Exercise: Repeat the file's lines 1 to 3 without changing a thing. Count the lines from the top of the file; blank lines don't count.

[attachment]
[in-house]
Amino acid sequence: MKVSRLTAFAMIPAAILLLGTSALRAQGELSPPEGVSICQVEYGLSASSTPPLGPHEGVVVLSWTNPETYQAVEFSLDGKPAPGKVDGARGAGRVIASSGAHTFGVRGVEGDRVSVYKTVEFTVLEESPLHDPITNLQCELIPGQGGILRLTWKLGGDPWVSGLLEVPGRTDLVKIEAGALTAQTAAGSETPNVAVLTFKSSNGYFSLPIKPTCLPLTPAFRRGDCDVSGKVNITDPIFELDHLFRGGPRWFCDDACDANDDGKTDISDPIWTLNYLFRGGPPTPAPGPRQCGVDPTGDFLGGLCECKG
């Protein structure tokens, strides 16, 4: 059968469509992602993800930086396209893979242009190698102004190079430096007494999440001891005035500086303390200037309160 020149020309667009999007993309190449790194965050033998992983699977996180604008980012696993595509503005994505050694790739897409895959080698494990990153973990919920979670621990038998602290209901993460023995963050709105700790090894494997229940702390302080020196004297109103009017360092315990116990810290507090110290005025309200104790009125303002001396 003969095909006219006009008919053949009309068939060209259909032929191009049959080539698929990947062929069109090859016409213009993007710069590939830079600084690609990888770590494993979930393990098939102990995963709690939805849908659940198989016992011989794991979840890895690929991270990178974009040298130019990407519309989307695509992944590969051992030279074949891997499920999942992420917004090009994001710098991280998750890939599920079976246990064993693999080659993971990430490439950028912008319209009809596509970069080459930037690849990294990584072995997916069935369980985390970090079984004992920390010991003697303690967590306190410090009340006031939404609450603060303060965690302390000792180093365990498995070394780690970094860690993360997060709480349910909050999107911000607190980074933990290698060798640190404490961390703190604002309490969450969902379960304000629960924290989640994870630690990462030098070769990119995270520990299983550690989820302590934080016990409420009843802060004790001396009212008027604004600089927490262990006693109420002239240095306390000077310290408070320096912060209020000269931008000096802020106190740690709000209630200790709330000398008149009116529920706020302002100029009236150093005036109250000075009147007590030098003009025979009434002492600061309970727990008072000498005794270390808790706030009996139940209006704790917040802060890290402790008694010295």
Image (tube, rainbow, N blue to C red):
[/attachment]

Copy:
[in-house]
Amino acid sequence: MKVSRLTAFAMIPAAILLLGTSALRAQGELSPPEGVSICQVEYGLSASSTPPLGPHEGVVVLSWTNPETYQAVEFSLDGKPAPGKVDGARGAGRVIASSGAHTFGVRGVEGDRVSVYKTVEFTVLEESPLHDPITNLQCELIPGQGGILRLTWKLGGDPWVSGLLEVPGRTDLVKIEAGALTAQTAAGSETPNVAVLTFKSSNGYFSLPIKPTCLPLTPAFRRGDCDVSGKVNITDPIFELDHLFRGGPRWFCDDACDANDDGKTDISDPIWTLNYLFRGGPPTPAPGPRQCGVDPTGDFLGGLCECKG
């Protein structure tokens, strides 16, 4: 059968469509992602993800930086396209893979242009190698102004190079430096007494999440001891005035500086303390200037309160 020149020309667009999007993309190449790194965050033998992983699977996180604008980012696993595509503005994505050694790739897409895959080698494990990153973990919920979670621990038998602290209901993460023995963050709105700790090894494997229940702390302080020196004297109103009017360092315990116990810290507090110290005025309200104790009125303002001396 003969095909006219006009008919053949009309068939060209259909032929191009049959080539698929990947062929069109090859016409213009993007710069590939830079600084690609990888770590494993979930393990098939102990995963709690939805849908659940198989016992011989794991979840890895690929991270990178974009040298130019990407519309989307695509992944590969051992030279074949891997499920999942992420917004090009994001710098991280998750890939599920079976246990064993693999080659993971990430490439950028912008319209009809596509970069080459930037690849990294990584072995997916069935369980985390970090079984004992920390010991003697303690967590306190410090009340006031939404609450603060303060965690302390000792180093365990498995070394780690970094860690993360997060709480349910909050999107911000607190980074933990290698060798640190404490961390703190604002309490969450969902379960304000629960924290989640994870630690990462030098070769990119995270520990299983550690989820302590934080016990409420009843802060004790001396009212008027604004600089927490262990006693109420002239240095306390000077310290408070320096912060209020000269931008000096802020106190740690709000209630200790709330000398008149009116529920706020302002100029009236150093005036109250000075009147007590030098003009025979009434002492600061309970727990008072000498005794270390808790706030009996139940209006704790917040802060890290402790008694010295």